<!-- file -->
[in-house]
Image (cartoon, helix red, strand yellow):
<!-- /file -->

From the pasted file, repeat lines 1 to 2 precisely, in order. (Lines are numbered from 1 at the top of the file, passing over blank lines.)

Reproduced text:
[in-house]
Image (cartoon, helix red, strand yellow):